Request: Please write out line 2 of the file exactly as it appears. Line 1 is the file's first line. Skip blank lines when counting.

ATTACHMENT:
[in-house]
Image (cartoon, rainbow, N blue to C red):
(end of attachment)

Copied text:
Image (cartoon, rainbow, N blue to C red):